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Behind the Bar: Times Gone By

By December 30, 2022Connecticut, Top News

Bartender and guest columnist Khalid Williams. Photos by Winter Caplanson.

By Khalid Williams

It’s good for the soul to make a goal and achieve it. This got me thinking: Every bar makes declarations about how they are going to improve throughout the year and I think we put way too much pressure on ourselves and then beat ourselves up when life happens.

A good strategy to get beyond this and make some lasting change is by making New Year’s Revolutions (goodbye to the old cliché of resolutions). These are changes that pay big dividends and are self-propelling. Below are some simple ways that you can improve the experience of your guests, the happiness of your staff and, ultimately, the success of your establishment.

Create and Manage Your Bar Book

Every bar needs one; rarely are they used correctly. The bar book is meant to be a repository for all the information that needs to be transmitted between staff members, but would otherwise be forgotten.

In 2023, the new bar book is a group text thread with the alerts turned off. It will be at your fingertips for reference without being a disruption. Make posting notes about the shift a part of the closing side work and checking the previous messages as part of clocking in. Turn the alerts off so it doesn’t become assaultive or disruptive and agree on three times weekly that it will be checked or reviewed. Making it a part of the job will send the message that you are invested in the well-being of your staff and they will, in turn, develop a professional empathy that informs their performance.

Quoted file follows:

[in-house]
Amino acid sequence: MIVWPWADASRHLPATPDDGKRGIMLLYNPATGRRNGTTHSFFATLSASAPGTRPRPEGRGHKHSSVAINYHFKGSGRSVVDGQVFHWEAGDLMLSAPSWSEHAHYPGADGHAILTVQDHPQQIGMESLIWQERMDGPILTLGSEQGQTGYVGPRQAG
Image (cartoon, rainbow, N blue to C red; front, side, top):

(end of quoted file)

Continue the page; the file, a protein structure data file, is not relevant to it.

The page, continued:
Develop a Relationship with a Bottle Shop

This is HUGE. I tell you this unequivocally: The bar that has a working relationship with a nearby package store will make more money. It costs you zero to reach out and make the connection and it provides you with an advocate for your desired audience: adults who enjoy adult beverages. You can make good decisions about your inventory based upon the trends seen at the packie. If bison grass vodka is always sold out there, a Zubrówka cocktail on your menu might make sense. If Spanish reds sell wildly, you may have great success with an Iberian-focused pairing dinner. And selling tickets? Nobody can sell out your event like a bottle shop with a vested interest. When your guests inquire about purchasing a particular spirit for their home enjoyment, it will feel darn good when you suggest your “sister shop.”

Redefine ‘Event’

Pairing dinners are awesome, but they require some serious heavy lifting to execute, all while still serving the clientele that wants the experience that they are accustomed to. Letting your regulars see you fawn over newbies that bought tickets while they are waiting 10 minutes for their glass of red that’s not available because, “We are featuring the wines of blahblahblah,” is a bad look that is to be avoided at all costs. There may be times where staffing and product availability prevents you from going all out. An event can be simply featuring a product you already sell, getting some support from your distributor and just having a couple of hours where you sweeten the deal with a few samples going around the bar with a brand representative telling fun stories or some good old swag. People LOVE bar swag and, in the content universe, they love posting about it. Simple wins and less is more.

You’re Doing Fine

No matter what challenges you have, you’re still here. You are opening your doors, paying your employees and attending to humanity’s eternal desire for the experience of inspired drink and food in the company of friends. Whatever you may be facing, you are not alone and your existence itself is evidence that you have what it takes to not just solve the problems but reframe the challenges into strengths. I have found it truly starts with accepting where you are and admitting to yourself that you are doing just fine.

Happy 2023!

Khalid Williams is a bar manager, spirits brand representative and program consultant specializing in marketing, engagement and data. His passion is for exploring the “why” behind consumer decisions. He loves Old-world wine, New-world rum and Connecticut beer. Follow him on Instagram @thebarrelage.

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